Non-supernatural spirituality

A widely overlooked distinction is that between the spiritual and the supernatural.

An entity, event, or phenomenon is supernatural if it can’t be accounted for by the scientific worldview. This means that it can’t be explained by contemporary physics, chemistry, biology, psychology, or other fields of science and can’t even foreseeably be explained by future science. Belief in the supernatural includes belief in a personal God, an immaterial soul, an afterlife, reincarnation, extrasensory perception, and fate.

The spiritual is often thought of as synonymous with the supernatural, but this merging of the two ideas overlooks the possibility of non-supernatural spirituality. Many of the varieties of spiritual experience reported by devout people from different religious traditions do not require a belief in the supernatural to believe that those experiences really occur, to see them as meaningful, or to think that they are worth pursuing. Sometimes reports of spiritual experiences are even couched in scientific language, such as Abraham Maslow’s concept of a peak experience or Carl Sagan and Ann Druyan’s descriptions of experiencing states of transcendence and wonder through scientific access to knowledge of the cosmos.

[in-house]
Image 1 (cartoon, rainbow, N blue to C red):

Spiritual concepts such as the soul, divinity, and even God can be reappropriated from their supernaturalist origins and used in the service of spirituality that is compatible with a scientific understanding of existence.

Some people are skeptical of the notion that spirituality is an important, perhaps vital, part of human fulfillment. Others are convinced of its importance, but do not see the possibility for spirituality without the existence of the supernatural. The feeling that the spiritual depends on the supernatural fuels both skepticism toward spirituality and belief in the supernatural.

The choice many people see in front of them is to believe either in a meaningless world of atoms or a world of invisible, intangible, undetectable magic. A third possibility is that meaning is not derived from magic. It is plausible to think that what spiritual seekers are chasing is not magic — not the supernatural — but a set of phenomena that can be understood by science without diminishing their meaningfulness.

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